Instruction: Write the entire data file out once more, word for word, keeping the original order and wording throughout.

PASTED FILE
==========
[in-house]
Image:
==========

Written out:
[in-house]
Image: